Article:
Researchers from Tel Aviv University describe experiments that could lead to a new approach for treating Parkinson's disease (PD) using a common sweetener, mannitol. This research is presented today at the Genetics Society of America's 54th Annual Drosophila Research Conference in Washington D.C., April 3-7, 2013.
Mannitol is a sugar alcohol familiar as a component of sugar-free gum and candies. Originally isolated from flowering ash, mannitol is believed to have been the "manna" that rained down from the heavens in biblical times. Fungi, bacteria, algae, and plants make mannitol, but the human body can't. For most commercial uses it is extracted from seaweed although chemists can synthesize it. And it can be used for more than just a sweetener.
The Food and Drug Administration approved mannitol as an intravenous diuretic to flush out excess fluid. It also enables drugs to cross the blood-brain barrier (BBB), the tightly linked cells that form the walls of capillaries in the brain. The tight junctions holding together the cells of these tiniest blood vessels come slightly apart five minutes after an infusion of mannitol into the carotid artery, and they stay open for about 30 minutes.
Mannitol has another, less-explored talent: preventing a sticky protein called α-synuclein from gumming up the substantia nigra part of the brains of people with PD and Lewy body dementia (LBD), which has similar symptoms to PD. In the disease state, the proteins first misfold, then form sheets that aggregate and then extend, forming gummy fibrils.
Certain biochemicals, called molecular chaperones, normally stabilize proteins and help them fold into their native three-dimensional forms, which are essential to their functions. Mannitol is a chemical chaperone. So like a delivery person who both opens the door and brings in the pizza, mannitol may be used to treat Parkinson's disease by getting into the brain and then restoring normal folding to α-synuclein.
Daniel Segal, PhD, and colleagues at Tel Aviv University investigated the effects of mannitol on the brain by feeding it to fruit flies with a form of PD that has highly aggregated α-synuclein.
The researchers used a "locomotion climbing assay" to study fly movement. Normal flies scamper right up the wall of a test tube, but flies whose brains are encumbered with α-synuclein aggregates stay at the bottom, presumably because they can't move normally. The percentage of flies that climb one centimeter in 18 seconds assesses the effect of mannitol.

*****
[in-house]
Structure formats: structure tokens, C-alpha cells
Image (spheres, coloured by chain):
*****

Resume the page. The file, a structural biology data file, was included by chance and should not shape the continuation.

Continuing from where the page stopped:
An experimental run tested flies daily for 27 days. After that time, 72% of normal flies climbed up, in comparison to 38% of the PD flies. Their lack of ascension up the sides of the test tube indicated "severe motor dysfunction."
In contrast, were flies bred to harbor the human mutant α-synuclein gene, who as larvae feasted on mannitol that sweetened the medium at the bottoms of their vials. These flies fared much better—70% of them could climb after 27 days. And slices of their brains revealed a 70% decrease in accumulated misfolded protein compared to the brains of mutant flies raised on the regular medium lacking mannitol.
It's a long way from helping climbing-impaired flies to a new treatment for people, but the research suggests a possible novel therapeutic direction. Dr. Segal, however, cautioned that people with PD or similar movement disorders should not chew a ton of mannitol-sweetened gum or sweets; that will not help their current condition. The next step for researchers is to demonstrate a rescue effect in mice, similar to improved climbing by flies, in which a rolling drum ("rotarod") activity assesses mobility.
"Until and if mannitol is proven to be efficient for PD on its own, the more conservative and possibly more immediate use can be the conventional one, using it as a BBB disruptor to facilitate entrance of other approved drugs that have problems passing through the BBB," Dr. Segal said. A preliminary clinical trial of mannitol on a small number of volunteers might follow if results in mice support those seen in the flies, he added, but that is still many research steps away.